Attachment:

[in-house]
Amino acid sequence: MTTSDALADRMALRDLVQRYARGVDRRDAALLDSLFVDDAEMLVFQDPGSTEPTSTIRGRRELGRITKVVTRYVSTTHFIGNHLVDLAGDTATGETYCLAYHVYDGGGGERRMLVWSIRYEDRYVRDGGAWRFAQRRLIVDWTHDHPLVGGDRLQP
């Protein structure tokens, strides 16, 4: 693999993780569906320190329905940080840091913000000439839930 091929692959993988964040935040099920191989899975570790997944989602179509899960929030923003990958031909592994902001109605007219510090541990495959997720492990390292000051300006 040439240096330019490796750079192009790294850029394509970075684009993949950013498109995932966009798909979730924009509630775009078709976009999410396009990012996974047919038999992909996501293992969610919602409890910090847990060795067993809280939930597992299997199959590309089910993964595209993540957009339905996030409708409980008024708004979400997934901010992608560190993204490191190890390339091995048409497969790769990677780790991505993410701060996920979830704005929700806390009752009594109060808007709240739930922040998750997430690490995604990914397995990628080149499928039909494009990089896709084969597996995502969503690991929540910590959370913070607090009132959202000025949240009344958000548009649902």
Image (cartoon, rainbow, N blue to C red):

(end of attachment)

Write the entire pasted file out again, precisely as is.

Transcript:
[in-house]
Amino acid sequence: MTTSDALADRMALRDLVQRYARGVDRRDAALLDSLFVDDAEMLVFQDPGSTEPTSTIRGRRELGRITKVVTRYVSTTHFIGNHLVDLAGDTATGETYCLAYHVYDGGGGERRMLVWSIRYEDRYVRDGGAWRFAQRRLIVDWTHDHPLVGGDRLQP
């Protein structure tokens, strides 16, 4: 693999993780569906320190329905940080840091913000000439839930 091929692959993988964040935040099920191989899975570790997944989602179509899960929030923003990958031909592994902001109605007219510090541990495959997720492990390292000051300006 040439240096330019490796750079192009790294850029394509970075684009993949950013498109995932966009798909979730924009509630775009078709976009999410396009990012996974047919038999992909996501293992969610919602409890910090847990060795067993809280939930597992299997199959590309089910993964595209993540957009339905996030409708409980008024708004979400997934901010992608560190993204490191190890390339091995048409497969790769990677780790991505993410701060996920979830704005929700806390009752009594109060808007709240739930922040998750997430690490995604990914397995990628080149499928039909494009990089896709084969597996995502969503690991929540910590959370913070607090009132959202000025949240009344958000548009649902």
Image (cartoon, rainbow, N blue to C red):